I loved this novel, and I can’t wait to read more Elena Ferrante and blog about it here on TumbleweedWrites. It’s a dark story, but it’s not dark in the Gillian Flynn sense of the word. The mothers of Ferrante aren’t poisoning their daughters, they’re just neglecting them. I’m just pointing this out in case you’re a squeamish type. There’s no gore here. Instead, The Lost Daughter’s darkness is manifest in its tone. It’s unsettling. It’s a powerful, challenging look at the relationships between mothers and daughters and the way the sins of the past come back to haunt the present. Anyway, I hope I’ve encouraged some of y’all to give Ferrante a read.

Let me know in the comments what you think of Elena Ferrante!

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Pages for You by Sylvia Brownrigg

Before departing for the USA this summer, I decided to head to my local Waterstones and use up a couple gift-cards I had. My purchases really did seem like a “summer book haul”, reflecting the warm weather, travel, and sociability that was sure to come. The haul also reflected my recent reading choices and the desire to change things up. By the end of July I had just got done finishing Niki: The Story of a Dog and No Country for Old Men. One focused on politics, the other on violence. Both were written by men. Cormac McCarthy, in particular, is noted for writing terse, dispassionate, “manly” fiction, with very few female characters. Don’t get me wrong, I love McCarthy. He’s a genius. But I like to enjoy a variety of literary voices to freshen things up. Aside from the lack of female characters, McCarthy is noted for his interest in themes such as life & death, justice, violence, and he admits to having a dislike for novelists that focus on love and sex, such as Marcel Proust and Henry James. I more or less like both styles equally. My tastes in literature have become a lot broader in the last two years. I knew that I wanted a different voice to McCarthy before going back to him, but I didn’t know what I’d find when I reached the bookstore. I ended up getting several novels from a table with a sign saying “Summer Reads”, mostly by female authors, all of them foreign, and almost exclusively focusing on emotional themes such as love, desire, relationships, identity, loneliness et cetera. I tend to group these kinds of themes as being “human-oriented”, examining the human condition as it relates to individuals. The opposite approach, the way I see it, is a focus on themes such as society, power, justice, existence, politics, and all that, which I tend to group as being “concept-oriented”. They examine the human condition as it relates to groups of people and institutions. What does our political framework reveal about our nature? I don’t see either stylistic approach as being superior or more profound than the other, and what I choose really does come down to whatever I fancy in a given moment. On this occasion, as I said, I believe my choices reflected the season I was in, and my travels to come.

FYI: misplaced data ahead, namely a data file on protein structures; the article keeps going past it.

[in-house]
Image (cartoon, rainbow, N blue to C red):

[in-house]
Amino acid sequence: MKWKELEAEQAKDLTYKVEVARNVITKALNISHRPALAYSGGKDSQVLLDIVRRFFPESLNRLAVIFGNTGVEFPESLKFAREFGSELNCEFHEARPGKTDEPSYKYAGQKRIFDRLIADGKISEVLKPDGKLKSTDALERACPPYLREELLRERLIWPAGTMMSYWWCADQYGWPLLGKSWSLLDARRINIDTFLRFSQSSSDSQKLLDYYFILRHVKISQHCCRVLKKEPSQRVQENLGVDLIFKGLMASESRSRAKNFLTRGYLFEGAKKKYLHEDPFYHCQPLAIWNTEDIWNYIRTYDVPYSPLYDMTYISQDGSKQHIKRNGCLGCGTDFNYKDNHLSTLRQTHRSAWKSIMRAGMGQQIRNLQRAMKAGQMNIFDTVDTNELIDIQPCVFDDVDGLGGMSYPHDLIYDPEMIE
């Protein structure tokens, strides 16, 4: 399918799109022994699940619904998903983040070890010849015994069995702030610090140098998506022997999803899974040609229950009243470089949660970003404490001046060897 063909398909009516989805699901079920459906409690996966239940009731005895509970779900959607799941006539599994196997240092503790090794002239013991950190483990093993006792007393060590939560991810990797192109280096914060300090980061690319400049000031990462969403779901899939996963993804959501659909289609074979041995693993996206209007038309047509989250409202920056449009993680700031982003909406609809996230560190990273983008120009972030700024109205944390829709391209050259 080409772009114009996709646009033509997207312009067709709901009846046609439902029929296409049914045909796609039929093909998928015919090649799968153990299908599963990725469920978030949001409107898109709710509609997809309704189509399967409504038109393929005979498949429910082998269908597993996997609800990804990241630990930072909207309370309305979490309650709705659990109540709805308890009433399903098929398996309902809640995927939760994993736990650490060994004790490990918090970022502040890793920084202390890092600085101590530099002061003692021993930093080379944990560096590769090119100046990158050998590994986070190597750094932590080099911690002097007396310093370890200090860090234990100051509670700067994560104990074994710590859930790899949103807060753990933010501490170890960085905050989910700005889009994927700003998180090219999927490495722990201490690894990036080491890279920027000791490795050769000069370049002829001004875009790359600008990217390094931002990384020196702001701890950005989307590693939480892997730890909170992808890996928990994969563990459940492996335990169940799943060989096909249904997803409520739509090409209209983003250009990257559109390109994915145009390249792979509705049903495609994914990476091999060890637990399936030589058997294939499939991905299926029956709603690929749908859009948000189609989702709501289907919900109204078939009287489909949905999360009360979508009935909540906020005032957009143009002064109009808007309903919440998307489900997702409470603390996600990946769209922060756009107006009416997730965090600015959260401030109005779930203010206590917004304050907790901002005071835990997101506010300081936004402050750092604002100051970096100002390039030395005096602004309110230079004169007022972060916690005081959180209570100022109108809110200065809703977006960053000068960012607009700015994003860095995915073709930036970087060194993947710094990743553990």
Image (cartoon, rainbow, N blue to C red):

One of the books in the haul was a novel by the name of Pages for Her, written by American author Sylvia Brownrigg. The cover instantly caught my eye; a beautiful woman, natural-looking and unpretentious, staring off into the distance at something. The color scheme was very effective- there were echoes of pop art that accentuated the curious woman and made the book stick out from the pile. The blurb told me that the book was about a woman who reunites with the professor she had a short (but intense) affair with 20 years ago. It seemed like just the sort of thing I was looking for- something realistic and emotive that went to the heart of the soul. It was only when I got home however, that I discovered this new book (published in 2017) was in fact a sequel. I debated just reading it anyway. I’ve done that sort of thing before. But the book was promising to be a hit with me already, so I ultimately ordered the original- Pages for You– off of Amazon.

Which brings us to the topic of today’s post! Pages for You is a novel published in 2001 by Sylvia Brownrigg, that details the rise and fall of a love affair between Flannery, a curious student, and Anne, her sophisticated professor. That might sound like a spoiler, but it’s really not: it’s made clear at the beginning of the book that the narrator, Flannery, is looking back on a relationship that has concluded. In truth, Pages for You isn’t really the kind of novel you can spoil. You know what’s going to happen, and the way it happens doesn’t involve some shocking twist that subverts your expectations. So why read the book at all, if it’s a series of realistic, pre-determined events? I wouldn’t recommend this book to lovers of intricate plots. There’s no suspense here, no revelations, no red herrings. And yet I couldn’t put the book down. I breezed through it like a Liane Moriarty thriller. Pages for You is a character-driven book if ever I’ve seen one. It’s not plot-driven, but it’s no less compelling and addictive. It reads like a memoir, covering Flannery’s freshman year of college. Seeing the world through Flannery’s eyes, interpreted through her unique voice, is the greatest strength of the novel, and the reason I read it so earnestly.